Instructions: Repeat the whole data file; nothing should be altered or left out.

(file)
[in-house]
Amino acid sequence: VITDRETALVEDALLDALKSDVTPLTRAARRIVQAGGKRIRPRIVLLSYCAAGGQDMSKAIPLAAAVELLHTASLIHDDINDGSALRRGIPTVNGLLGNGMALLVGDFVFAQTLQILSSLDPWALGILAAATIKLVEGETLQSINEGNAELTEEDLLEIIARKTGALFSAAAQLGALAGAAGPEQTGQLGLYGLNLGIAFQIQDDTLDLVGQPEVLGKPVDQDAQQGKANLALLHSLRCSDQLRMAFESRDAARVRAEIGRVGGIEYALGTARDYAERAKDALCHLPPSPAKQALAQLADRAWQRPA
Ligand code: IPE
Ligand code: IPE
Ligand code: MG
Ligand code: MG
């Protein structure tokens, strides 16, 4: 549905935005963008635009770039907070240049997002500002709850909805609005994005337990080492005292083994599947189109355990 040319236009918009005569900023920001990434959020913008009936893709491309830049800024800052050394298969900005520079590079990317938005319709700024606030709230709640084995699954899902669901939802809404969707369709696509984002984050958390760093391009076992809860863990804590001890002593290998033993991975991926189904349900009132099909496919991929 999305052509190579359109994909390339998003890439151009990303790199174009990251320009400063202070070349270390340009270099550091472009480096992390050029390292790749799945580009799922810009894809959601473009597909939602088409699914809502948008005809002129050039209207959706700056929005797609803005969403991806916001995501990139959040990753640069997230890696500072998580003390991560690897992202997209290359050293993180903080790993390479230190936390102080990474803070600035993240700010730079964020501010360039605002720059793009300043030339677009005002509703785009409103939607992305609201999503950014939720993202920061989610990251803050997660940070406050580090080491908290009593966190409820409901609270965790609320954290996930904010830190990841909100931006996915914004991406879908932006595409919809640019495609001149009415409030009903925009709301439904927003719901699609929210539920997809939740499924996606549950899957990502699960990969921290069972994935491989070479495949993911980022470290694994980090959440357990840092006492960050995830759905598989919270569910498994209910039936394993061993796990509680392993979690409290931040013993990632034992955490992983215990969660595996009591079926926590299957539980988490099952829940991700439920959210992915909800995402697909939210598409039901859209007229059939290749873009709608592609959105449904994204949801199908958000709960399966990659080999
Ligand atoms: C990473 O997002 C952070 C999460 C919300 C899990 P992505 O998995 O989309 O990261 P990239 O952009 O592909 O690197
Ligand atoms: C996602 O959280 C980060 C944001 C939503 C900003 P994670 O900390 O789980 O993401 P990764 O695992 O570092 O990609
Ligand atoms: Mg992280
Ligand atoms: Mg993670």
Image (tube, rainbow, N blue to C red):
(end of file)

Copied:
[in-house]
Amino acid sequence: VITDRETALVEDALLDALKSDVTPLTRAARRIVQAGGKRIRPRIVLLSYCAAGGQDMSKAIPLAAAVELLHTASLIHDDINDGSALRRGIPTVNGLLGNGMALLVGDFVFAQTLQILSSLDPWALGILAAATIKLVEGETLQSINEGNAELTEEDLLEIIARKTGALFSAAAQLGALAGAAGPEQTGQLGLYGLNLGIAFQIQDDTLDLVGQPEVLGKPVDQDAQQGKANLALLHSLRCSDQLRMAFESRDAARVRAEIGRVGGIEYALGTARDYAERAKDALCHLPPSPAKQALAQLADRAWQRPA
Ligand code: IPE
Ligand code: IPE
Ligand code: MG
Ligand code: MG
């Protein structure tokens, strides 16, 4: 549905935005963008635009770039907070240049997002500002709850909805609005994005337990080492005292083994599947189109355990 040319236009918009005569900023920001990434959020913008009936893709491309830049800024800052050394298969900005520079590079990317938005319709700024606030709230709640084995699954899902669901939802809404969707369709696509984002984050958390760093391009076992809860863990804590001890002593290998033993991975991926189904349900009132099909496919991929 999305052509190579359109994909390339998003890439151009990303790199174009990251320009400063202070070349270390340009270099550091472009480096992390050029390292790749799945580009799922810009894809959601473009597909939602088409699914809502948008005809002129050039209207959706700056929005797609803005969403991806916001995501990139959040990753640069997230890696500072998580003390991560690897992202997209290359050293993180903080790993390479230190936390102080990474803070600035993240700010730079964020501010360039605002720059793009300043030339677009005002509703785009409103939607992305609201999503950014939720993202920061989610990251803050997660940070406050580090080491908290009593966190409820409901609270965790609320954290996930904010830190990841909100931006996915914004991406879908932006595409919809640019495609001149009415409030009903925009709301439904927003719901699609929210539920997809939740499924996606549950899957990502699960990969921290069972994935491989070479495949993911980022470290694994980090959440357990840092006492960050995830759905598989919270569910498994209910039936394993061993796990509680392993979690409290931040013993990632034992955490992983215990969660595996009591079926926590299957539980988490099952829940991700439920959210992915909800995402697909939210598409039901859209007229059939290749873009709608592609959105449904994204949801199908958000709960399966990659080999
Ligand atoms: C990473 O997002 C952070 C999460 C919300 C899990 P992505 O998995 O989309 O990261 P990239 O952009 O592909 O690197
Ligand atoms: C996602 O959280 C980060 C944001 C939503 C900003 P994670 O900390 O789980 O993401 P990764 O695992 O570092 O990609
Ligand atoms: Mg992280
Ligand atoms: Mg993670």
Image (tube, rainbow, N blue to C red):